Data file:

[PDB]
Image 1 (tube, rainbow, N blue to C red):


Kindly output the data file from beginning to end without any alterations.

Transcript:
[PDB]
Image 1 (tube, rainbow, N blue to C red):